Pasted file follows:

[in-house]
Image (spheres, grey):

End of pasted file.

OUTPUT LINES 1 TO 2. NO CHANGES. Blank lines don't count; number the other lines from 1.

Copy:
[in-house]
Image (spheres, grey):